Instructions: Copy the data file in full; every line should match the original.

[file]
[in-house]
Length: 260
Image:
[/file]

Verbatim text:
[in-house]
Length: 260
Image: